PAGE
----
It’s funny sometimes how life has a way of teaching you lessons . . . more than once.
It’s been awhile, but one of the first weddings I ever photographed at Sofi Seck Photography, there was an incident that made me reflect on my own professionalism, specifically in the way I dress for work. When I went to weddings I would dress like a guest. I wore something nice and comfortable, really just whatever I felt good in that day. In a sundress or whatever I wore, I wanted to blended into the crowd.
I was photographing the first day of an Indian wedding (Indian weddings are typically three days of celebrations), when the bride approached me to ask if I could wear all black the following day. I said yes, but in retrospect, I might have sounded offended because she followed the request up by telling me that everyone was wearing black the second day. If you’ve ever been to an Indian wedding, you know how unusual this seems. The weddings are typically colorful and bright, vivid and beautiful. I was staying at a hotel, so I had to go buy something black to meet her request. I fully expected everyone else to be in black the following day, but when I showed up, I was the only one.
It didn’t happen right then, but eventually it dawned on me that the bride didn’t think I looked professional. And from that moment on, I began wearing plain, muted colors. It was a harsh realization that I’m not a guest and I probably shouldn’t look like one, either. I’m there to do a job, and I need to be OK with that. This was a tough lesson because a lot of times, I do become friendly with clients. And though I’m sure the bride didn’t want to come off as judgmental or mean, it was her request that changed my entire wardrobe.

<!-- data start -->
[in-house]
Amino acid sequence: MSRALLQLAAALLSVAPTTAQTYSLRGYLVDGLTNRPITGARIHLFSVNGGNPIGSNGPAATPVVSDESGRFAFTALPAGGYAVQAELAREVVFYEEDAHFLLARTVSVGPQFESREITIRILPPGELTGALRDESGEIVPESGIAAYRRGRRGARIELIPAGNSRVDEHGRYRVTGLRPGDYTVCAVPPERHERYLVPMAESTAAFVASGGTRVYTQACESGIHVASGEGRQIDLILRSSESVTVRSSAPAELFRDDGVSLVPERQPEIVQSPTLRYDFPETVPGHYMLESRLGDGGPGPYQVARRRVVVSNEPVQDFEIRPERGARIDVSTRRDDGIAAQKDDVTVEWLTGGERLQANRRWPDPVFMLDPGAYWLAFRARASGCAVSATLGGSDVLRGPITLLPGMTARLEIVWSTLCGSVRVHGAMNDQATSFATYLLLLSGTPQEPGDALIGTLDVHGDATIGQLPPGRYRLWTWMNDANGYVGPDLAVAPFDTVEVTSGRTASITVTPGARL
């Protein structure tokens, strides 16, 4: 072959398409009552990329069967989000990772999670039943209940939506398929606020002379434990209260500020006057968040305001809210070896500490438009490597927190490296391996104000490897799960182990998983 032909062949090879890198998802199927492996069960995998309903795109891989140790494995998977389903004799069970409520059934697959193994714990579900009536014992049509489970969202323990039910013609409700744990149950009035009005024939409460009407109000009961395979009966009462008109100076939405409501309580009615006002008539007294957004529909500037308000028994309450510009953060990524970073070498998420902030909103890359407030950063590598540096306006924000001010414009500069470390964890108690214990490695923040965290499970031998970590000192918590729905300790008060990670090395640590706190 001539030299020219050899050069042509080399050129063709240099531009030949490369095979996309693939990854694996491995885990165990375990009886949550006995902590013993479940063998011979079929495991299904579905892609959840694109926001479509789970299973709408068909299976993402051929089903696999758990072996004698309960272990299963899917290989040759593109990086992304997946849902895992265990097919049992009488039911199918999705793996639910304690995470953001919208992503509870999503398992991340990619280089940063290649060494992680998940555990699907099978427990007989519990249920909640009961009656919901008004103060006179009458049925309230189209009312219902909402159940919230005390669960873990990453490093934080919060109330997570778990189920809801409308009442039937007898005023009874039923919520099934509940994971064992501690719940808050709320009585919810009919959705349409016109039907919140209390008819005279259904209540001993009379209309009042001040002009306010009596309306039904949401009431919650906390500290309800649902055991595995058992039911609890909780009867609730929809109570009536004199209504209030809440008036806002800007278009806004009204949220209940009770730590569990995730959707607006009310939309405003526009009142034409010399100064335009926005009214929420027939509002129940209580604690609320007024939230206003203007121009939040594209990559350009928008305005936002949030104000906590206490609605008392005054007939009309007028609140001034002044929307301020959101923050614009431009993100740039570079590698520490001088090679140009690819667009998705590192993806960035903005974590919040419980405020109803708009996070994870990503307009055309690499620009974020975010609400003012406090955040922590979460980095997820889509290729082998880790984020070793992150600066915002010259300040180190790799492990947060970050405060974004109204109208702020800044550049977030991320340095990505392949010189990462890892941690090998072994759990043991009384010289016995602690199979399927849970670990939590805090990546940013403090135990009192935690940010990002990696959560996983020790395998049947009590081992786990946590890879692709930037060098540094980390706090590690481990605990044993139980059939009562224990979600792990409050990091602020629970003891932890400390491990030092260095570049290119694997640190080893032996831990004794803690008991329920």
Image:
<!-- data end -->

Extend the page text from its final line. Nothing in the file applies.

I’ve always thought photography, being an art, allows for more spontaneity — you can be louder, brighter, more fun. For a long time after that incident, I was really self-conscious about my wardrobe. Over time, as people got to know me and, more importantly, my work, the feelings of insecurity went away.
Relearning Old Lessons
A few weeks ago, I dyed my hair purple. Though I love the new style, it brought back some of those feelings of insecurity. Do I look unprofessional? Will my hair color cost me work? How will potential clients react? What even is professionalism? Even if I don’t want to admit it, looks do matter in this field.
Since my hair transition, I’ve had a realization that while looks matter, professionalism matters more. The color of your hair doesn’t matter. What determines my professionalism is how I treat clients. What matters is responding in a timely manner, helping people through their timeline, taking amazing photographs and continuing excellent service after the wedding day. And if my hair color loses me a client, maybe they weren’t my client in the first place.
Of course I want to be professional and present myself in the best way possible, but that comes from the way you speak to people, being there when it matters and delivering images to my clients that they love.
My purple hair has made me rethink some of my business choices, and that’s never a bad thing. There are some things I should probably reevaluate, even. But it’s also made me so proud of how far I’ve come in being myself. I’ve never been more comfortable in my decisions, and for that, I couldn’t be more proud.
Please excuse the iPhone photo. 😉